Mac Rumor Roundup Superfast G3s and ‘CubeBooks’

Our take on what the Mac rumour sites sources are claiming

Apple may be about to revive the slimline PowerBook Duo - in the form of a light yet powerful executive-oriented notebook equivalent of the Power Mac Cube.

At least that's what an AppleInsider source claims, according to a report on the site.

After enquiring whether Apple might once more offer a low-weight portable like the Duo or its nearest, most-recent successor, the PowerBook 2400, a company employee told the source: "You'll be very happy with what we have planned down the road."

Of course, that could equally be a reference to the re-engineered PowerBooks - codenamed 'Mercury', according to AppleInsider - due to be launched early next year, possibly at San Francisco MacWorld Expo in January.

However, there's clearly a gap in Apple's product matrix waiting to be filled. The desktop lines runs from iMac, via Cube, to Power Mac. The notebook family is just iBook and PowerBook. Surely that means there's a 'CubeBook' coming?

Certainly, Apple could do with a new system to revitalise its notebook sales and to attract those user whose prime consideration in a laptop isn't functionality so much as portability. Apple lacks the equivalent of the ultra-slim notebooks that have become increasingly popular in the Windows world, machines such as Toshiba's Portege and Sony's Vaio Z505.

Equally, Apple could pursue the sub-notebook category, exemplified by Sony's Vaio PictureBook. Indeed, that would make for a better tie-in the with ultra-compact Cube. The last time Apple tried this, it came up with the much-missed eMate 300, its Newton OS-based laptop and the true forerunner of Jobs-era Apple's focus on industrial design and novel computer casings.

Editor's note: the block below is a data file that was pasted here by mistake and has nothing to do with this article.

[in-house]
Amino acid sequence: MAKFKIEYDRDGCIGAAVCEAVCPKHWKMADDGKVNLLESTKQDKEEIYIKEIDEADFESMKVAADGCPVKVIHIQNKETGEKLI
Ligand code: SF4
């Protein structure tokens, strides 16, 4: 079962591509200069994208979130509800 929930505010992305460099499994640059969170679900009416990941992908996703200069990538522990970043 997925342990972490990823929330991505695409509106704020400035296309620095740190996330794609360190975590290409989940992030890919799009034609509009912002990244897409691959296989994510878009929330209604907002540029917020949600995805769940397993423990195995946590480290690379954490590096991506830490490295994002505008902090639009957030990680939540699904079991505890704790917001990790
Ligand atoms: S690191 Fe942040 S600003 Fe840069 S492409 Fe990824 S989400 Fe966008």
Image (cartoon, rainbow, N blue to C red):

MacOS Rumors has a curious item this week claiming IBM has souped up its G3 PowerPC processors to the point where the company reckons the chip can hit 1.5GHz sometime next year.

That's very unlikely indeed with the existing G3 architecture - it's simply not geared up to operate at that speed not matter how high you jack up its clock speed.

So, "according to internal company documents provided by a reliable source", IBM has re-engineered the G3 to extend its instruction pipeline, ensuring it doesn't waste all those extra clock cycles because it can't be kept fed with instructions or data to process. IBM has also apparently added processing units and an on-die L2 cache.

Hmmm. Isn't that exactly what Motorola is doing with the G4? Yes it is. The only thing missing from the report is Motorola's AltiVec (aka Velocity Engine) vector processing technology, which IBM isn't too keen on anyway. It all sounds too close to the G4 Plus to us, and if IBM can hit 1.5GHz next year, so then can Motorola.

We're sure IBM is working on evolving its version of PowerPC, but the result will be a completely new CPU not a faster G3, a name that even IBM doesn't use. It's a bit like saying Intel's Itanium is a 64-bit Pentium - it isn't, it's a completely different chip. And so will future IBM PowerPCs. Even the G4 Plus is very different from the G4.

MacOS Rumors' report is here.

Biting the hand that feeds IT © 1998–2019